CCP intensifies the already sweeping surveillance of places of worship by assigning officials to each; to control believers and ensure loyalty to the Party line.
China expends great energy to suppress religion, and even more energy to hide the suppression. Closing streets, monitoring social media, bullying reporters. Facing increasing surveillance and persecutions, believers are forced to come up with inventive ways to continue practicing their faith and dodge arrests.
Prizes and mandatory partaking for official helped the anti-xie jiao quiz slandering the banned religions to attract over 11 million users in just two weeks.
Prohibited from believing in God themselves, Party members and officials are pledging to watch for and persecute all religious activities.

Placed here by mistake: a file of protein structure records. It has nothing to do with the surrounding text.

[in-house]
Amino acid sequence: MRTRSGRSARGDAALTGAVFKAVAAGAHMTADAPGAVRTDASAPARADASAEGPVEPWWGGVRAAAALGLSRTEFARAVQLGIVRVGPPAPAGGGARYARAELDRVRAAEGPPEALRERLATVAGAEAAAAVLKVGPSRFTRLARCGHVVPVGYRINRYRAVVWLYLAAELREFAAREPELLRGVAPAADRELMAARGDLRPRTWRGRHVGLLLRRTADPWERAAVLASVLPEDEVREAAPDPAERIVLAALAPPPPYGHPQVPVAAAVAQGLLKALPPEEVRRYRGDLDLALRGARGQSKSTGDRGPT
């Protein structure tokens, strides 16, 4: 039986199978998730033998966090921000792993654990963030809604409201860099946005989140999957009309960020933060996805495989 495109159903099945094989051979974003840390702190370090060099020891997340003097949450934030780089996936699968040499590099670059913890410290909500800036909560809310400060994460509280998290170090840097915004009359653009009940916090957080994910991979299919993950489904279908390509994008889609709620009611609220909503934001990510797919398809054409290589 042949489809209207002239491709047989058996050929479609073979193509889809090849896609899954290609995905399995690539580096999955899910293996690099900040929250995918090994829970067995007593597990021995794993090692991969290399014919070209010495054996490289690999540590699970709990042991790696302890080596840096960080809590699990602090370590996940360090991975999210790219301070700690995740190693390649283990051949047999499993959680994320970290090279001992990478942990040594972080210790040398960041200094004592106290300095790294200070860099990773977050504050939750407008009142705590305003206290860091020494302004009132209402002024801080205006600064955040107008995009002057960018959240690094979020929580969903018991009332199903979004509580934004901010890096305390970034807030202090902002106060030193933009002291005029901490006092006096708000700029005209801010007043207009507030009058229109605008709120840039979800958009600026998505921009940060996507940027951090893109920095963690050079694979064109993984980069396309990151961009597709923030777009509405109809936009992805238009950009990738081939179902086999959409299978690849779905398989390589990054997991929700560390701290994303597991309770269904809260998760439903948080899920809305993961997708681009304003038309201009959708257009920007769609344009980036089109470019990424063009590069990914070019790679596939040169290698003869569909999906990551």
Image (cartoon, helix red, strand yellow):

People that are not even members of prohibited religious groups can be persecuted only because of their religious relatives or as a result of random events.
Many businesses have been forced to change their names, eliminating any references to faith, even if the signs were not meant to be religious at all.
The CCP uses soft and tough methods: from indoctrinating performances in praise of the Party to dismantling crosses. The goal is to make religions disappear.
The crackdown on religious publications intensifies in Inner Mongolia, officials inspecting postal packages, burning books, and censoring online communication.
The CCP is coming up with creative propaganda solutions to involve the general population in eradicating religious groups designated as xie jiao.
Persecution is escalating in this eastern province: local officials were preparing for higher-ups’ visits by cracking down on churches and investigating believers.